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Electronic Theatre Controls Inc

What Is Calibrated Direct Mode?

Overview and History

LED emitter manufacturing is an imprecise process, and the process results in emitters which vary from each other, sometimes significantly. Manufacturers sort emitters into "bins," which are groups of LEDs which fall within a specific color tolerance, measured in MacAdam Ellipses. This means that when a product is made using these emitters, knowing which bin the emitters are from lets a fixture manufacturer know where on the color spectrum a specific LED will fall, and how much intensity and color tolerance there is expected to be. Unfortunately, not every LED bin is available at all times, so when selecting emitters to be used in fixtures, multiple approved bins must be specified or fixtures would become unavailable to ship when a bin goes out of stock. The result of this is that the output of LED fixtures will vary based on the bins that were available when they were manufactured, and a manufacturer needs to have ways to compensate for that fact in order to have an acceptable product.

Original Selador LED fixtures had one control mode: 1 channel per color, directly controlled, plus intensity. The emitter boards were made using "recipes," or specific mixes of emitter bins based on what was available at the time the PCB was manufactured. When a batch of fixtures was ordered, they would be shipped with the same recipe so the fixtures in the system would match. If new fixtures needed to be added to the system, they would need to be ordered with the same recipe as the existing fixtures, otherwise there would be visible differences between the new and old units' output.

For Desire, Source Four LED, and ColorSource fixtures, ETC developed a method to calibrate the output of the emitters in a fixture during the manufacturing process. Instead of defining specific recipes of emitter bins, the fixture knows exactly where on the color spectrum its own emitters are, and how bright they can get. It can then use that information to compensate for these variances to meet a particular target color. Therefore, fixtures can be mixed, and regardless of when they were manufactured, they can match each other. However, this did not apply to direct mode, so if a designer wanted to have direct emitter control, they would need to manually match fixtures which may have different outputs due to emitter variance.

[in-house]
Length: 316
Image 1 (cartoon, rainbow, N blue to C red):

Calibrated Direct Mode

In Source Four LED Series 2 software 1.8.1 and greater, the Fos/4 line, Source Four LED Series 3, and the ColorSource V line, Direct mode uses calibration data to better match output between fixtures. However, to ensure the most granular control of the fixture possible, this is limited compared to the calibration applied to non-direct modes.

  • Calibrated Direct mode will allow you to directly control all emitters in a fixture, but it will compensate for its particular emitter intensity variations when more than one color is used at a time. It will not compensate for color variations, since doing so would require overriding the direct mix set by the user.
    • When only one color is output, the fixture will use the maximum brightness it can, so "pure" colors will be as bright as they were with original Direct mode.
  • Other modes will use the fixture's calibration data for both color and intensity to find the best LED mix for the target color set by the user.

As a result, even with modern fixtures, in Direct mode it is possible for multiple fixtures with emitters that do not match perfectly to have visible color differences when set to the same color mix. This is expected. In this case, a user will need to either use a fully-calibrated mode or manually adjust the color mix between fixtures to get their overall output to match.

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